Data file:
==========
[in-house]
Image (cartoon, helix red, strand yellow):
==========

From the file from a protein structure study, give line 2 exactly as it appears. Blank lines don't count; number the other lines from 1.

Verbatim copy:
Image (cartoon, helix red, strand yellow):